For those of us who long to be men and women after God's own heart, the Books of Chronicles give us hope that God sees past our shortcomings, our mistakes, our disobedience to Him, our selfishness, our forays into the abyss known as this world and every other thing we do that is contrary to that which is right. It should bring us great comfort that as long as we have a contrite heart and are ready and willing to confess our sins; God is faithful and just to forgive us and allow us to continue being a part of His eternal purpose just as David and Solomon were.
Perhaps nowhere is the difference between Kings and Chronicles more profound than the account of King Manasseh. 2 Kings 21 presents the length and depth of evil that flowed from this king's heart. In fact, in 2 Kings 21:16 it says:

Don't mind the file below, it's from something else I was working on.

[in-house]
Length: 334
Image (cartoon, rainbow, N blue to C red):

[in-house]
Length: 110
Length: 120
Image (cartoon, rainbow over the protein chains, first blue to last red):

Moreover Manasseh shed innocent blood very much, till he had filled Jerusalem from one end to another; beside his sin wherewith he made Judah to sin, in doing that which was evil in the sight of the Lord.
King James Version (KJV)
Manasseh was one of the most evil kings who ever reigned and 2 Kings 21 pulls no punches about the havoc he wrought on Israel as he undid all the good his father Hezekiah had done. The record in Kings ends with the simple statement that Manasseh died. In comparison, the record in 2 Chronicles 33 paints a much different picture of Manasseh because Chronicles presents God's point of view.
Manasseh was taken prisoner by the king of Assyria who took him to Babylon. Unlike the record in Kings, the account of Manasseh does not stop here. What was important to God is what is recorded in 2 Chronicles 33:12, 13: